Our dates arrived, and I could tell from my friends’ reactions that none of us fancied any of them, though on first impressions they all seemed fun and up for an entertaining evening. There were a few awkward moments, because the table we were on was so big, that it was really hard to hear from one end to the other, and on a couple of occasions, we said things, only for the guys to say something a few minutes later which made it clear they hadn’t heard us. As a result, the table often split into two conversations, which wouldn’t have been a problem, had me and my school friend not been frequently stuck chatting to the ‘Ringleader’.
One of the rather awkward things about a Grouper or a Smeeting, is that by the very nature of having one ringleader, who ends up leading his or her group of 3, people assume you two are the only ones who have matched. Having now been on 3 of these style dates, I can categorically say that isn’t the case! However it can be really frustrating (and school-kid like), when as an automatic conversation topic, the other guys suggest that you two have been a match for each other and want to know why.
If I was in any way matched to the Ringleader, there are serious issues with the algorithms!
Now, I’ve always said I’d never be rude about a date on 30 Dates, unless he was rude to me or other people on the date. But in over 100 first dates and dating events, I have never met someone like the Ringleader.
First I need to tell you about him. Then I’ll tell you about the ‘scandal’. Then I’ll tell you Smeeters’ response. And then I’ll let you make your own decisions.
But all I can say is Thursday night was probably the weirdest night I’ve had in my entire 30 Dates experience so far!
The Ringleader quite clearly had issues when it came to women and dating. Early on, when the boys were explaining how they know one another, they explained they’d recently been on a ‘Divorce Stag Weekend’ to celebrate the Ringleader’s divorce (hmm….) . And as the night progressed, it became increasingly clear that he was in a pretty dark place still when it came to women. To be honest, I found it odd he’d been the one who had engineered the Smeeting. He had really extreme views when it came to online dating, and ‘not meeting people the real life way’, and if I didn’t know better, I’d have expected his friends to have dragged him along to the Smeeting, not the other way around.
After a very weird, aggressive argument about why Tinder is rubbish, and why we should all be meeting partners out in the real world (wouldn’t that be great!), I decided to come clean about the blog. They had asked me what I do for work, and so I explained that I work in banking during the day, but that I’d also just got a job editing the Guardian’s dating blog, off the back of the dating blog I’d been writing since last July – the 30 Dates Blog. The two other guys seemed really interested, and one even followed me on Twitter right there and then. Meanwhile, the Ringleader shrugged, and said, ‘I didn’t think you were gonna tell them. I knew already. My cousin is Kate from Smeeters – she asked me to come along and show you guys a good time!’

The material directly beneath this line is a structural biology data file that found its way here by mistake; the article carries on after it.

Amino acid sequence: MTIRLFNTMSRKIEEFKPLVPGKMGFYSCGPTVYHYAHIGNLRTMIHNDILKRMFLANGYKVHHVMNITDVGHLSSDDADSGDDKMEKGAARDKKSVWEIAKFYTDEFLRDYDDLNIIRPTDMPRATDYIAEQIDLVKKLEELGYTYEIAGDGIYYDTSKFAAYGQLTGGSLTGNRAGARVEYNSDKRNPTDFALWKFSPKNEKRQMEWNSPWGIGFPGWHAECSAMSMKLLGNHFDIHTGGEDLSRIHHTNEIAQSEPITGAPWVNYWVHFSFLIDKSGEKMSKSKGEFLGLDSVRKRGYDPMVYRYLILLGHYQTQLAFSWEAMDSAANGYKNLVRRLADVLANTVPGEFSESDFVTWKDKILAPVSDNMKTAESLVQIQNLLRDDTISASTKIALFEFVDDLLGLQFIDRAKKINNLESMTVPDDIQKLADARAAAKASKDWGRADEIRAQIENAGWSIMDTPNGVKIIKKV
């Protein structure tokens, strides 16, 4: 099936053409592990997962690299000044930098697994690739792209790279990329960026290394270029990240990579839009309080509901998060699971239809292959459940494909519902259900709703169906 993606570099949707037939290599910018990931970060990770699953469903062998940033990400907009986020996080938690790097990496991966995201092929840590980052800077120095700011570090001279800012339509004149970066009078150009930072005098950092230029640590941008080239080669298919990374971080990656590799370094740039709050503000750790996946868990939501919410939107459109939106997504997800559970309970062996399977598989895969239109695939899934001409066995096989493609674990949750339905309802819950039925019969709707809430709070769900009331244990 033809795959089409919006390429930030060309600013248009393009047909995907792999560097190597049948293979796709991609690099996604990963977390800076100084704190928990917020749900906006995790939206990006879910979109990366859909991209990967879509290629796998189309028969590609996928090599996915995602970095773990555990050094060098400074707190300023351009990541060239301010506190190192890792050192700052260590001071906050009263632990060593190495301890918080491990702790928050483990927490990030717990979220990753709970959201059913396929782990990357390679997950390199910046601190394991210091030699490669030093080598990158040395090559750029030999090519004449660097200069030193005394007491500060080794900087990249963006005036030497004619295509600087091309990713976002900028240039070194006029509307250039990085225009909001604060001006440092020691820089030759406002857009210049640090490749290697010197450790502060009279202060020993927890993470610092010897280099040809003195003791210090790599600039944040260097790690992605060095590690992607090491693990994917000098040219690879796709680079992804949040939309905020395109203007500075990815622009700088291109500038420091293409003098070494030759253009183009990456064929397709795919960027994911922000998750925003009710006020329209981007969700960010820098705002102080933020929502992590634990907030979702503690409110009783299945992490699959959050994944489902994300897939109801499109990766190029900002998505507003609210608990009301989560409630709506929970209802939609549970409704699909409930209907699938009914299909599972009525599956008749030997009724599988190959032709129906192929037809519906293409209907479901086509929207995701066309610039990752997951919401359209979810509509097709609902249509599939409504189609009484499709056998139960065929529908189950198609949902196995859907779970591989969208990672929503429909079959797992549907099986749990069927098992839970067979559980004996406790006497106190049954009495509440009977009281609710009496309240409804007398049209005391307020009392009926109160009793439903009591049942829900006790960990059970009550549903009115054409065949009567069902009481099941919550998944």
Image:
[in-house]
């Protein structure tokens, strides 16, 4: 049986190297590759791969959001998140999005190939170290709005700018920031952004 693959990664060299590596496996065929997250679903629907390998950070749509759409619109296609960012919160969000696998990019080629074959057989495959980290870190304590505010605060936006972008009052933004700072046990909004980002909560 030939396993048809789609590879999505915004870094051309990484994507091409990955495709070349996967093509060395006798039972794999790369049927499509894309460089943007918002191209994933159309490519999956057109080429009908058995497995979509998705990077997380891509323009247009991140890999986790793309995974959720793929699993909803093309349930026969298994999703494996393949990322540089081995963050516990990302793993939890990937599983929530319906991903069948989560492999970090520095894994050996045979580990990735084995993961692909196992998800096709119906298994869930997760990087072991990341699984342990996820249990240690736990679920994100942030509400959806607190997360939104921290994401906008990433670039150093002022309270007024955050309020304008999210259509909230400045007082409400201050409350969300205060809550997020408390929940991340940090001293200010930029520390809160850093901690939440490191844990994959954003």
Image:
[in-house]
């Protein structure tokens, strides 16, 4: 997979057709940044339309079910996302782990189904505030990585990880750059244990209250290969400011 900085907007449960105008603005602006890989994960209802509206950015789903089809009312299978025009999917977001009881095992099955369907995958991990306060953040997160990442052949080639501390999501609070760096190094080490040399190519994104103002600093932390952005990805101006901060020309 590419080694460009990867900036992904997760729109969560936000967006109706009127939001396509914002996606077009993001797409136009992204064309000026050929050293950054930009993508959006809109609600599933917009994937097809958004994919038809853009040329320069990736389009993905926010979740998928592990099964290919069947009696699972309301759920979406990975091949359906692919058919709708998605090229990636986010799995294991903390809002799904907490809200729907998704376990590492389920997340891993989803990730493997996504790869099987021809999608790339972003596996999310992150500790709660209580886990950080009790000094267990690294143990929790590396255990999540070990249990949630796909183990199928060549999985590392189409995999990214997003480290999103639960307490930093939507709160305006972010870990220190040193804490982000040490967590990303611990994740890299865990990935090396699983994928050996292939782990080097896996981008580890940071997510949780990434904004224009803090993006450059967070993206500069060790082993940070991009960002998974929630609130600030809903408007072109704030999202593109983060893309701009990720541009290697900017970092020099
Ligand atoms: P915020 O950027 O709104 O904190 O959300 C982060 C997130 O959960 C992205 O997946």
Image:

To be honest, it kind of made sense. I’d been surprised early on when the boys had said none of them had been on a Smeeting before. I’d had a lot of email conversations before the date with Smeeters, about our previous Grouper dates, and over email I’d been told our dates wouldn’t be our ideal of ‘preppy rugby boys’, but that they were guaranteed to be a lot of fun – which I’d taken to mean they were an experienced Smeeters crowd. The other two boys had also mentioned that the Ringleader had paid for them to come on the Smeeting. He then explained that he’d been given it free by his cousin, to come along and impress the journalist, because the company had received a lot of bad press recently.
At this point, rather tipsy, and pretty peeved that it was all a set-up, I tweeted, including Smeeters in my tweet, and expressing my surprise that the evening was a set-up. Surely in order to write a proper review, we should be on a group date with 3 genuine Smeeters customers? And whilst I always tell people I’m writing for the blog, it’s very different to have someone acting a certain way to give you false impressions of a company, or its success?
From then onwards, the night went downhill. When he found out about my tweet, the Ringleader got increasingly angry with me. ‘Take it down! You’re going to cause so many issues with my family.’
I explained that I write an honest blog, with honest reviews of what happens at any of the events I go on (remember when Simplicity3 tried to bribe me with a vibrator??!!) but he carried on getting more angry and aggressive.
The other two guys (who to their credit seemed really nice and normal) tried to change conversation. They had been called the Ringleader ‘Fritzl’ all night, and then tried to explain where the nickname came from – essentially him disappearing with a girl one time when they were on holiday. Unfortunately the story only lowered the tone further, and led to the Ringleader making really creepy jokes about locking us in his basement, and the women he keeps in cages, for the best part of an hour.
By this point, all three of us girls had stopped talking to him. He’d been aggressive and argumentative throughout the evening, and unfortunately completely undermined any good work done by the other two guys. Interestingly, the flip side of the Group Dating Dynamic was truly that one bad apple can spoil a bunch.